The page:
Robert Capa, l'homme qui voulait croire2004TV Movie documentaryHerself
Complicated Women2003TV Movie documentaryHerself (uncredited)
Biography1998TV Series documentaryHerself
Hollywoodism: Jews, Movies and the American Dream1998TV Movie documentaryHerself
20th Century-Fox: The First 50 Years1997TV Movie documentaryHerself (uncredited)
The First 100 Years: A Celebration of American Movies1995TV Movie documentaryHerself
That's Entertainment! III1994DocumentaryDiana 'Di' Standing (uncredited)
The 66th Annual Academy Awards1994TV SpecialHerself - Memorial Tribute
Myrna Loy Remembered1993TV Movie documentaryHerself
MGM: When the Lion Roars1992TV Mini-Series documentaryHerself
Hollywood Remembers: Myrna Loy - So Nice to Come Home to1991TV Movie documentaryHerself
The Wonderful Wizard of Oz: 50 Years of Magic1990TV Movie documentaryHerself
Moonlighting1987TV SeriesNora Charles
The Spencer Tracy Legacy: A Tribute by Katharine Hepburn1986TV Special documentaryHerself
Hollywood: The Gift of Laughter1982TV Movie documentaryActress - Unidentified 'Thin Man' Film (uncredited)
That's Entertainment, Part II1976DocumentaryNora
Brother Can You Spare a Dime1975DocumentaryHerself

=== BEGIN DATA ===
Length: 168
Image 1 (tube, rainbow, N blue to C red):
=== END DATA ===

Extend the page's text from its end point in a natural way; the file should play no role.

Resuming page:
The Dick Cavett Show1971TV SeriesHerself
Hollywood My Home Town1965DocumentaryHerself
Inside Daisy Clover1965Herself (uncredited)
The Love Goddesses1965DocumentaryHerself
The Big Parade of Comedy1964DocumentaryNora Charles
Hollywood and the Stars1963TV SeriesHerself
The Legend of Rudolph Valentino1961Video documentaryHerself
Screen Snapshots: Ramblin' Round Hollywood1955Documentary shortHerself
Some of the Greatest1955ShortMing
The Metro-Goldwyn-Mayer Story1951Documentary
Twenty Years After1944Short
The Miracle of Sound1940Documentary shortHerself (uncredited)
Trifles of Importance1940ShortHerself, film clip (uncredited)
Hollywood: Style Center of the World1940Documentary shortHerself
Northward, Ho!1940Documentary shortHerself (uncredited)
From the Ends of the Earth1939Documentary shortHerself
Screen Snapshots Series 17, No. 11937Documentary shortHerself
The Romance of Celluloid1937ShortMargit Agnew
Screen Snapshots Series 16, No. 111937Documentary shortHerself

Won awards

Won awards

YearAwardCeremonyNominationMovieAward shared with
1991Honorary AwardAcademy Awards, USA

In recognition of her extraordinary qualities both on screen and off, with appreciation for a ... More

1983Career Achievement AwardLos Angeles Film Critics Association Awards